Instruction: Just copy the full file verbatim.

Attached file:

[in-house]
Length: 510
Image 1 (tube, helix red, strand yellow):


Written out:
[in-house]
Length: 510
Image 1 (tube, helix red, strand yellow):